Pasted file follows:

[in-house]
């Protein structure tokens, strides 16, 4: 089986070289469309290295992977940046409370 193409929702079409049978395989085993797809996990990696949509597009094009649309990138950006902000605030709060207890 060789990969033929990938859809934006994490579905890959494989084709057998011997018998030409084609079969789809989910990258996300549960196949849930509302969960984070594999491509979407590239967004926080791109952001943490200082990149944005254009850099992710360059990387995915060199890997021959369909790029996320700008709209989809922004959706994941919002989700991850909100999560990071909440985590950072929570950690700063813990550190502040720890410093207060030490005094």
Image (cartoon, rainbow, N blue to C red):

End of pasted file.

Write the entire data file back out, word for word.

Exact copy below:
[in-house]
């Protein structure tokens, strides 16, 4: 089986070289469309290295992977940046409370 193409929702079409049978395989085993797809996990990696949509597009094009649309990138950006902000605030709060207890 060789990969033929990938859809934006994490579905890959494989084709057998011997018998030409084609079969789809989910990258996300549960196949849930509302969960984070594999491509979407590239967004926080791109952001943490200082990149944005254009850099992710360059990387995915060199890997021959369909790029996320700008709209989809922004959706994941919002989700991850909100999560990071909440985590950072929570950690700063813990550190502040720890410093207060030490005094």
Image (cartoon, rainbow, N blue to C red):